UIC is currently the most practical biochemical marker for iodine nutrition. Assessing urinary iodine status provides information on whether there is adequate iodine intake in the population surveyed. Monitoring the urinary iodine status of a population is helpful in knowing if salt iodization program (or other interventions) is improving iodine intake and if iodine deficiency has been eliminated in the population. Urinary iodine status is the most immediate measure of whether the thyroid gland has adequate iodine to function normally and protect the individual from the manifestations of iodine deficiency.
The median value for the sampled population is the most commonly assessed indicator. The median UIC for the total study population (145 µg/L) indicates adequate iodine intake and is in accordance with the WHO/UNICEF/ICCIDD criteria for elimination of iodine deficiency as a public health problem which requires that the median UIC in the general/total study population should be within the range of 100–199 µg/L. Based on this criteria, the pupils can be said to have had adequate iodine nutrition despite cases of insufficient and excessive iodine intakes. Result of surveys conducted in Nigeria, such as the 1999 Sentinel Site Survey, 2001 National Food Consumption and Nutrition Survey, and 2005 Goiter Prevalence Survey, had median UIC within the sufficient/optimal range of 133.9 µg/L, 150 µg/L, and 131 µg/L, respectively.
Household salt iodization
Monitoring iodine in salt at the household level provides information on what percentage of households' uses salt iodized at any iodine concentration and what percentage uses salt that is within an acceptable range of iodine concentration. This information indicates what is actually used in households on a national basis and provides important information about the successful delivery of iodized salt to the consumer as well as about use of noniodized salt obtained from unconventional marketing sources.
In the total study population [Table 3], 90.0% of the total household salt samples collected during the survey proved iodized, only 63.5% were adequately iodized (>15 ppm). This proportion is below the threshold of above 90% recommended by the WHO/UNICEF/ICCIDD and the national average value of 98% attained in 2005. Salts with no iodine content detected in this study could be locally produced. Ebonyi state is known for the production of local salt as there are many salt lakes located in the state. Schools' surveys in 2002 and 2005 found roughly 1–2% salt with no iodine added at all. Areas of small-scale salt production in Nigeria are Nasarawa, Ebonyi, Taraba, and Benue  and also some parts of Enugu State. In 2004, NAFDAC undertook special activities in these areas of small scale salt production to determine salt production and consumption patterns. Within actual salt producing communities, NAFDAC found 97–100% of families consumed noniodized salt. Some salts were also inadequately iodized. This could be attributed to poor iodization at factory level and iodine losses at the retail level/homes due to packaging. Distributing salt in smaller, airtight, and moisture proof consumer packs of 500 g will significantly improve retention of iodine.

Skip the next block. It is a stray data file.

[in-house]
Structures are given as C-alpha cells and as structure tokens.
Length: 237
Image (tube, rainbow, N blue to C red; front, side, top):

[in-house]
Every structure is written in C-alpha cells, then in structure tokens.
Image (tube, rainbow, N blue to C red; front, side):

[Figure 2], which is chronicle of USI in Nigeria since 1993 revealed a decline in the National USI achievements of previous years. Based on the NBS/NMICS  report, there was a 23% decline in the National USI between 2005 and 2007. This could be attributed to poor iodization at factory level and iodine losses at the retail level. Similar situation occurred in Ethiopia where iodized salt consumption dropped to as low as 5% as a result of consumption of locally produced uniodized salt. Decline in USI was also reported in Argentina and Indonesia – which were attributed to low-quality iodization.
| Conclusion|| |
The result of this investigation demonstrated that despite normal median urinary iodine, cases of insufficient iodine intake, and excessive iodine intake exist. Some households still consume noniodized salt probably because it is more directly available and cheaper or because of lack of awareness on adverse health consequences associated with consumption of uniodized salt. Therefore, the need for intensive enlightenment campaign by the regulation agencies on the need of consuming adequately iodized salt still exists. The consumption of salt in small packs of 500 g and foods rich in iodine should be encouraged as they will drastically reduce the problem of IDD and increase child growth, development, and survival.
The authors wish to thank the Network on Behavioral Research for Child Survival in Nigeria (NETBRECSIN) for technical support. We thank Mr. Igboji and Mr. Ogbonna of Ebonyi State Ministry of Health and Ebonyi State Primary Education board respectively for their logistic support.
Financial support and sponsorship
Conflicts of interest
The opinions expressed in this article are solely that of the authors and does not in any way reflect the opinion of their respective Institutions.
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[Figure 1], [Figure 2]
[Table 1], [Table 2], [Table 3], [Table 4]